The Story of Purim || Mayim Bialik
The Jewish Festival Of Purim has recently come and gone. Most people have no awareness, or understanding, of Purim, or of any of the other feasts that Jews know as: “the Feasts of G-d, and the appointed times of the Lord.” Please consider the following discussion of the feast that explains much of the never-ending story of the many attempts to destroy the people of Israel, and to negate their land. Jewish feasts are important to Jews, and should also be important to anyone having any kind of relationship with a Jew.
The year was 474 B.C. Jews were living in Persia; they had been deported there from The Southern Kingdom of Israel. Babylon’s King Nebuchadnezzar took those Jews to Babylon, in three deportations, over a period of time that ran from 605 B.C. to 586 B.C.; those two southern tribes were known as Judah and Benjamin. Israel’s northern ten tribes, known as The Kingdom of Israel, had previously been deported to Assyria in 722 B.C., by the Assyrian King Shalmaneser. Soon after the northern tribes were removed from their lands, the Assyrians began moving gentiles/pagans into that vacated land. The Jews of the northern kingdom never returned to their lands. In 539 B.C., the Persians conquered Babylon. In 538 B.C., the Persian King Cyrus allowed the Jews, those still living in exile in Babylon, to return to Jerusalem/Judah. However, most of the Jews chose to remain in Babylon. Now, let’s get back to the story of the video, which tells of how a plan was thwarted which would have exterminated all of the Jews who were living in Persia (present day Iran). We will continue to the discussion that is provided by chabad.org, a Jewish organization.
The following discussion of the Jewish feast of Purim comes from the following link.
What Is Purim?
The jolly festival of Purim is celebrated every year on the 14th of the Hebrew month of Adar (late winter/early spring). Purim 2018 begins on Wednesday night, February 28, and continues through Thursday, March 1 (March 2 in Jerusalem). It commemorates the salvation of the Jewish people in ancient Persia from Haman’s plot “to destroy, kill and annihilate all the Jews, young and old, infants and women, in a single day,” as recorded in the Megillah (book of Esther).
The Story in a Nutshell
The Persian Empire of the 4th century BCE extended over 127 lands, and all the Jews were its subjects. When King Ahasuerus had his wife, Queen Vashti, executed for failing to follow his orders, he arranged a beauty pageant to find a new queen. A Jewish girl, Esther, found favor in his eyes and became the new queen, though she refused to divulge her nationality.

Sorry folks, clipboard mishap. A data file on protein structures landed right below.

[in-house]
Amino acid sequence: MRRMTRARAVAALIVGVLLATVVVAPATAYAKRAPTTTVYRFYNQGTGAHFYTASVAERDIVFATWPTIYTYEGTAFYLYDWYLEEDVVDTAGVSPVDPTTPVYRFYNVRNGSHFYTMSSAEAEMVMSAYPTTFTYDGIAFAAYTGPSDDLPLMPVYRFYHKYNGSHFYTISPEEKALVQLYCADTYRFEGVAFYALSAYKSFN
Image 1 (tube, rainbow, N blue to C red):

Meanwhile, the Jew-hating Haman was appointed prime minister of the empire. Mordechai, the leader of the Jews (and Esther’s cousin), defied the king’s orders and refused to bow to Haman. Haman was incensed, and he convinced the king to issue a decree ordering the extermination of all the Jews on the 13th of Adar, a date chosen by a lottery Haman made.
Mordechai galvanized all the Jews, convincing them to repent, fast and pray to G‑d. Meanwhile, Esther asked the king and Haman to join her for a feast. At a subsequent feast, Esther revealed to the king her Jewish identity. Haman was hanged, Mordechai was appointed prime minister in his stead, and a new decree was issued, granting the Jews the right to defend themselves against their enemies.
On the 13th of Adar, the Jews mobilized and killed many of their enemies. On the 14th of Adar, they rested and celebrated. In the capital city of Shushan, they took one more day to finish the job.
Read the complete story of Purim.
Why Is It Called Purim?
Purim means “lots” in ancient Persian. The holiday was thus named since Haman had thrown lots to determine when he would carry out his diabolical scheme. You can pronounce this name many ways. In Eastern tradition, it is called poo-REEM. Among Westerners, it is often called PUH-rim. Some Central-European communities even call it PEE-rim. (WARNING: Calling this holiday PYOO-rim—as English speakers are sometimes wont to do—is a surefire newbie cover-blower.)
The Jews were dispersed from their home land again in the year 70 A.D. The Nazi holocaust awaited the Jews, which took place from 1939-1945. https://www.ushmm.org/wlc/en/article.php?ModuleId=10005469
See the video in the link; it is mind shattering.
Yes! There was a holocaust.